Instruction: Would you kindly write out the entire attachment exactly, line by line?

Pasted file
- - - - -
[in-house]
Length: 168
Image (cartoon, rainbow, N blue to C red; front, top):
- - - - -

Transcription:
[in-house]
Length: 168
Image (cartoon, rainbow, N blue to C red; front, top):